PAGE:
Ghislaine Maxwell has reportedly been moved to a prison in New York City, where she will face charges relating to Jeffrey Epstein's alleged sex-trafficking ring. Maxwell was arrested last week at her home in New Hampshire. Now, the Bureau of Prisons tells The Associated Press that she is back in NYC and in custody.
Maxwell has been transferred five days after her arrest in New Hampshire, and all eyes are on her and the Brooklyn prison where she is being held. Maxwell is accused of knowingly transporting underage girls across state lines to be sexually abused by Epstein. Since Epstein himself died by alleged suicide in a Manhattan prison last year, many pundits are watching Maxwell's time behind bars closely. Prosecutors have reportedly said that Maxwell "poses an extreme risk of flight."
Maxwell has been indicted on multiple charges, all relating to the recruitment, grooming and transporting of girls for Epstein's alleged sexual abuse. Some of her alleged victims were as young as 14 years old, and Maxwell is accused of taking part in this cycle of abuse from 1994 to 1997, while she herself was dating Epstein.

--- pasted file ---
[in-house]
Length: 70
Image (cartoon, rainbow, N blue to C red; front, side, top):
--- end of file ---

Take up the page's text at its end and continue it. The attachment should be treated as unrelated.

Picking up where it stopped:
Prosecutors sent a letter to a judge on Sunday, saying that they were in communication with Maxwell's defense attorney, Christian Everdell. They reportedly requested a bail hearing on Friday, where Maxwell will be arraigned.
Prosecutors do not want the wealthy heiress to be granted bail, noting that she has three passports and lots of international connections. They wrote that she has "absolutely no reason to stay in the United States and face the possibility of a lengthy prison sentence."
Maxwell is currently being held at the Metropolitan Detention Center in Brooklyn. Former Bureau of Prisons official Jack Donson spoke to reporters, speculating that it was a "conscious decision" to hold Maxwell in a different prison from the one where Epstein died. It is rare but not unheard of for a high profile suspect to be held in a different borough from the one where they are being prosecuted.0comments
Donson noted that the Brooklyn prison where Maxwell is being held has a long history of "screw ups," including prolonged power outages, mistreatment of inmates and "unprofessional" exchanges between the staff and the incarcerated. However, he also believes that Maxwell will be watched extra closely to avoid an outcome like the one that befell Epstein.
Maxwell reportedly has a camera fixed to the wall in her cell, and has guards watching her constantly. Due to the coronavirus pandemic, she now faces a 14-day quarantine period and testing for the virus. She is due in court on Friday, but it is not clear whether she needs to attend in person.